indexTim Ingold – The Perception of the Environment: Essays in Livelihood, Dwelling and Skill.
When I saw Tim Ingold give a talk at an archaeology conference, I was in awe. He was so articulate, presented big ideas in intriguing, complex, fantastical ways – but by using normal, day-to-day objects and practices. I remember him talking about agency and animacy – and the example he used was flying a kite. He used the analogy as a way of handling the mind/body duality and its interface with materials. The person acts on the kite through the wind in kinaesthetic relation. Flyer, wind, line, kite are ‘reciprocally intertwined’ in the same way that makers and their materials are interdependent. He also uses a fungal mycelium as a metaphor of a ’meshwork’ and a ‘relational constitution of being’, and I’m pretty crazy about mushrooms! I could go on and on. This book, and the papers within it will twist your brain in ways you never thought were possible.

Philippe Descola – La Fabrique des Images.
This book accompanied an exhibition at the Quai Branly museum in Paris, but it brings together Descola’s ideas in a lavishly illustrated, French language book. He looks at the differences between nature and culture, classic Descola – but then goes further and uses images to explore how diverse cultures represent the similarities and differences they see in their surroundings. The images in the book correspond to four greatly contrasted views of the world, from five continents: animism, naturalism, totemism, and analogism. Reading through the pages, you get to discover how images, from the most familiar to the most enigmatic, depict the many ways people can experience the world, and you come out the other end with the realisation that our way of seeing the world is only one tiny way of understanding it. Food for thought when trying to interpret an archaeological site.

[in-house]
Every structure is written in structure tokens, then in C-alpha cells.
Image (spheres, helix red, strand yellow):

41FwbDlfUULPiers Vitebsky – Reindeer People.
Piers Vitebsky is another talented writer, writing complex ideas in a compelling, easy to digest ‘can’t put the book down’ kind of way. This particular book is a gem. I am a bit biased as I am obsessed with deer and the human-deer relationship generally, but if you like Siberia, anthropology, and nomadic lifestyles this is a book for you. It’s written as an anthropological diary, and tracks Vitebsky’s journey to Siberia where he travels and lives with a nomadic family of reindeer herders. A magical, vivid, often heart-wrenching account of the problems, as well as the triumphs of living in vast landscapes of snow.

Julian Thomas – The Birth of Neolithic Britain.
This book was published recently in December 2013, but I’m yet to really read it – so it would be a great addition on a desert island! Julian’s previous book ‘Understanding the Neolithic’ is one of those books I just come back to again and again. A massive bibliography, and lots of detail if you’re into the Neolithic period in Britain. ‘The Birth of Neolithic Britain’ – has a similarly massive bibliography, and I look forward to reading it.